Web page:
14 July 2011 20:35 [Source: ICIS news]
NEW YORK (ICIS)--US economic activity is likely to recover from the current “soft patch” in the second half of 2011, driving healthy chemical demand, the chief economist of the American Chemistry Council (ACC) said on Thursday.
“We see a recovery in most end-use sectors, with particular strength is capital goods, which is driving basic chemicals,” said ACC chief economist Kevin Swift during a conference call on its mid-year outlook.
He said he expects US bulk petrochemicals and organics volume output to grow 5.6%, plastics resins at 4.7% and synthetic rubber at 5.7% in 2011. Overall chemical output, excluding pharmaceuticals, is expected to rise by 4.8% in 2011 and another 3.1% in 2012.
He compared the economic downturn of 2008-2009 to a fall into a 20-foot (6-metre) ravine. “We’ve probably gone up 12-14 feet on the other side of the ravine, but it’s been muddy and slippery,” he added.
While the softening of the US manufacturing recovery in the second quarter will affect chemical demand, inventories are well balanced and exports continue to be strong, he said.
“US exports of thermoplastics have doubled since 3-4 years ago to 20% of output. And we see the potential of this growing much higher as the US has emerged as one of the world’s low-cost producers because of shale gas,” said Swift.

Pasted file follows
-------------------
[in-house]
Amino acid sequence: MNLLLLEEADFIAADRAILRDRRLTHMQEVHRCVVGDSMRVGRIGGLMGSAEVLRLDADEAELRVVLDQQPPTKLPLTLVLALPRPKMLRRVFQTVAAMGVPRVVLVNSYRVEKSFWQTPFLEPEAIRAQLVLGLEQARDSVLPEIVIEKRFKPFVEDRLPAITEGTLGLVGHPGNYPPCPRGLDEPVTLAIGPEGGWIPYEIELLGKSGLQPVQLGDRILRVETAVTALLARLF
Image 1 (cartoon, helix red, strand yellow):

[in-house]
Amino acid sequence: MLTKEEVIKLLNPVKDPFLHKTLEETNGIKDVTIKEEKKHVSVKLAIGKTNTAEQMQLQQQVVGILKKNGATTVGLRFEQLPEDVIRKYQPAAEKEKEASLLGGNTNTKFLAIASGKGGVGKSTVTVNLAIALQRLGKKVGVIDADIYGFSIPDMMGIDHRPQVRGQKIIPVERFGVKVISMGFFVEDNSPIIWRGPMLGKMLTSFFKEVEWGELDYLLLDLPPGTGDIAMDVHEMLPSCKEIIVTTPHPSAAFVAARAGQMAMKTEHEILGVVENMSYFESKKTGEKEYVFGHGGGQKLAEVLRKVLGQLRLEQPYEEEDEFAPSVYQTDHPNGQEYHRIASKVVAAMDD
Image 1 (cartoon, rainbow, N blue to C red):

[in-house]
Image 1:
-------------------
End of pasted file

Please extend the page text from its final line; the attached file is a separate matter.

For the global chemical sector, the economist said he expects output to grow by 4.8% in 2011 and 5.3% in 2012.
"Output of chemicals in emerging markets will exceed that of the developed countries. Strong gains are expected in China, India, and other emerging markets in the Asia-Pacific region," said Swift.
However, the economist warned that there is a 25% probability of an alternative scenario where the soft patch devolves into an outright downturn.
“Persistent higher energy prices, the collapse of housing, the supply chain shock emanating from Japan, European debt crisis, US debt issues, uncertainty and other factors are working against the recovery,” said Swift.
“These factors could engender a vicious cycle of financial distress, asset depreciation, and falling incomes, sales, production, and employment. These challenges have the potential to push the global economy back into recession,” he added.
Under this scenario, Swift forecasts US chemical output, excluding pharmaceuticals, to rise by 3.5% in 2011 and just 0.8% in 2012.
Paul Hodges studies key influencers shaping the chemical industry in Chemicals and the Economy
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